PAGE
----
Documenting Democracy
Australia's Story

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Australian Courts Act 1828 (UK)
Australian Courts Act 1828 (UK), title
Australian Courts Act 1828 (UK), p1
Australian Courts Act 1828 (UK), p34
Australian Courts Act 1828 (UK), p48
This document enacted legislation of the British Parliament which ensured that the laws of England would be applied in the two existing Australian colonies, New South Wales and Van Diemen's Land. The Act strengthened the role of both Supreme Courts as appeals from Supreme Court decisions to the Governor were ended (although appeals to the Privy Council could still only come from the Governor). It provided for trial by jury in the Supreme Court in civil cases and empowered the Governor to introduce general trial by jury in criminal matters. (Trial by jury for people charged under criminal law was established in 1833 in New South Wales and, in limited circumstances, in 1834 in Van Diemen's Land.)

The Act put beyond legal doubt that the laws of England current on the precise date the Act came into operation would be applied in Van Diemen's Land, as in New South Wales. Section 24 of the Act set the date of this invisible transfer as 25 July 1828, 'Reception Day'. The Act strengthened the legal and civil standing of the legislative and judicial institutions of New South Wales and Van Diemen's Land, in the eyes of the colonists and, perhaps, also in the view of Britain.

The main provisions of the Act were:

  • Existing courts were to be retained (apart from the Governor's Court, the local Court of Appeal).

  • The Legislative Councils in New South Wales and Van Diemen's Land were enlarged, to have 10–15 members each, appointed by the Crown.

  • Jury trials in the Court of Quarter Sessions were abolished until established in the Supreme Court, but a Supreme Court judge could allow juries in civil actions, if either party applied.
The 1828 Act included a provision stating that English law in force in that year was operative in the two Australian colonies. This meant that English law as it stood in 1828, rather than earlier laws, applied in both New South Wales and Van Diemen's Land. Later English Acts of Parliament did not apply unless they were specifically passed for the colonies. Australian statute law thus had a firm foundation, but was able to evolve according to its own conditions and needs.

An amendment of the Jury Act 1829 (NSW) in 1830 permitted ex-convicts to serve on juries there.


Section 24 of this Act (the 'reception' Section) was to put beyond doubt that Van Diemen's Land was a civil colony, even if continuing penal functions and a strong quasi-military ambience made it an unusual one. With the 1828 Act, Van Diemen's Land enters the ranks of British colonies of settlement generally. Subject to the hurdle of the 'applicable in 1828' requirement, the broad body of English law was accessible to British subjects in the Colony.

Even Lieutenant-Governor George Arthur sometimes seemed to see the Colony on the path to a civic society. While Van Diemen's Land was, for the present, 'an extensive Gaol to the Empire', in 1826 he wrote to Earl Bathurst, Secretary of State for the Colonies, that he was 'laying the foundations of a free Colony'. Eventually:

As, when the rugged scaffolding and rubbish is removed, a magnificent and well-proportioned Building delights the Eye, so here, when transportation shall cease, and all its chains and trammels disappear, a flourishing country will be at once exhibited.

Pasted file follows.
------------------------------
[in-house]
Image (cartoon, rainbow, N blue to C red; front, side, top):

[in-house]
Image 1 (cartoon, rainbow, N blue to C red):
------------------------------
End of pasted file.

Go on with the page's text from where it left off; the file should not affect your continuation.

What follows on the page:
The Act envisaged the issuing of a new Charter of Justice for Van Diemen's Land and, as Alex Castles noted, this second Charter, which arrived in 1831, 'with other local legislation set firmly the foundation for the working of the Supreme Court for the 19th century and beyond'.

An issue of abiding significance for Tasmania and the eastern Australian colonies was how far the legislative power of the Colonies was delimited by British statutes either preceding or following Reception Day. This issue was largely settled when the British Parliament passed the Colonial Laws Validity Act 1865 (28 & 29 Victoria c 63). Sections 2 and 3 of this Act laid down, in effect, that the only colonial legislation which could be voided on the ground of repugnancy, was legislation inconsistent with British statutes directed to that specific Colony.

A later step towards Tasmanian legislative independence from Britain was the 1907 British legislation, the Australian States Constitution Act. This virtually limited Bills which could be reserved for Royal Assent to those which altered the Constitution of the Tasmanian Parliament. Tasmanian legislative independence was achieved with the Australia Act 1986, concurrently enacted by the Commonwealth, State and United Kingdom Parliaments.


Castles, Alex, An Australian Legal History, series 3, vol. 1, Law Book Company, Sydney, 1982.

Kercher, Bruce, Debt, Seduction and Other Disasters: The Birth of Civil Law in Convict New South Wales, Federation Press, Sydney, 1996.

Handwritten on membranes of vellum about 18–19 inches long and 12 inches wide, sewn end-to-end and then rolled up. The vellum is in creamy shades and the ink is brown.

This detail shows the brown handwritten title of the document.

This detail shows the brown handwritten title of the document.

Long Title:An Act to provide for the Administration of Justice in New South Wales and Van Diemen's Land, and for the more effectual Government thereof, and for other Purposes relating thereto.
No. of pages:48 + title
Measurements:18–19 x 12 inches per membrane
Provenance:British Parliament
Features:This document is the engrossed roll or 'Original Act', the text of the law enacted
Location & Copyright:House of Lords Record Office
Reference:9 Geo. IV C.83